language grammars, one of which is based on lambda-like abstraction,
the other of which is based on Combinatory Logic like manipulations.
Assume that for any lambda term T, [T] is the equivalent combinatory logic term. The we can define the [.] mapping as follows:
1. [a] a
2. [(M N)] ([M][N])
3. [\a.a] I
4. [\a.M] KM assumption: a does not occur free in M
5. [\a.(M N)] S[\a.M][\a.N]
6. [\a\b.M] [\a[\b.M]]
It's easy to understand these rules based on what S, K and I do. The first rule says
that variables are mapped to themselves.
The second rule says that the way to translate an application is to translate the
first element and the second element separately.
The third rule should be obvious.
The fourth rule should also be fairly self-evident: since what a lambda term such as `\x.y` does it throw away its first argument and return `y`, that's exactly what the combinatory logic translation should do. And indeed, `Ky` is a function that throws away its argument and returns `y`.
The fifth rule deals with an abstract whose body is an application: the S combinator takes its next argument (which will fill the role of the original variable a) and copies it, feeding one copy to the translation of \a.M, and the other copy to the translation of \a.N. This ensures that any free occurrences of a inside M or N will end up taking on the appropriate value. Finally, the last rule says that if the body of an abstract is itself an abstract, translate the inner abstract first, and then do the outermost. (Since the translation of [\b.M] will not have any lambdas in it, we can be sure that we won't end up applying rule 6 again in an infinite loop.)
[Fussy notes: if the original lambda term has free variables in it, so will the combinatory logic translation. Feel free to worry about this, though you should be confident that it makes sense. You should also convince yourself that if the original lambda term contains no free variables---i.e., is a combinator---then the translation will consist only of S, K, and I (plus parentheses). One other detail: this translation algorithm builds expressions that combine lambdas with combinators. For instance, the translation of our boolean false `\x.\y.y` is `[\x[\y.y]] = [\x.I] = KI`. In the intermediate stage, we have `\x.I`, which mixes combinators in the body of a lambda abstract. It's possible to avoid this if you want to, but it takes some careful thought. See, e.g., Barendregt 1984, page 156.]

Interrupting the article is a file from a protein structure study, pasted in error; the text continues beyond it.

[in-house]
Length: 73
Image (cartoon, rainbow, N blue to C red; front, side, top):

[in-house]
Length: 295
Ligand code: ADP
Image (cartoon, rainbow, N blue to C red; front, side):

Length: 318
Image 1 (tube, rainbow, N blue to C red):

[Various, slightly differing translation schemes from combinatorial
logic to the lambda calculus are also possible. These generate
different metatheoretical correspondences between the two
calculii. Consult Hindley and Seldin for details. Also, note that the
combinatorial proof theory needs to be strengthened with axioms beyond
anything we've here described in order to make [M] convertible with
[N] whenever the original lambda-terms M and N are convertible. But
then, we've been a bit cavalier about giving the full set of reduction
rules for the lambda calculus in a similar way. For instance, one
issue is whether reduction rules (in either the lambda calculus or
Combinatory Logic) apply to embedded expressions. Generally, we want
that to happen, but making it happen requires adding explicit axioms.]
Let's check that the translation of the false boolean behaves as expected by feeding it two arbitrary arguments:
KIXY ~~> IY ~~> Y
Throws away the first argument, returns the second argument---yep, it works.
Here's a more elaborate example of the translation. The goal is to establish that combinators can reverse order, so we use the **T** combinator, where `T ≡ \x\y.yx`

:
[\x\y.yx] = [\x[\y.yx]] = [\x.S[\y.y][\y.x]] = [\x.(SI)(Kx)] = S[\x.SI][\x.Kx] = S(K(SI))(S[\x.K][\x.x]) = S(K(SI))(S(KK)I)
We can test this translation by seeing if it behaves like the original lambda term does.
The orginal lambda term lifts its first argument (think of it as reversing the order of its two arguments):